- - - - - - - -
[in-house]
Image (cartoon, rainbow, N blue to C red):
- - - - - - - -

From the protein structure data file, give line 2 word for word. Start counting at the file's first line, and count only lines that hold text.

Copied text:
Image (cartoon, rainbow, N blue to C red):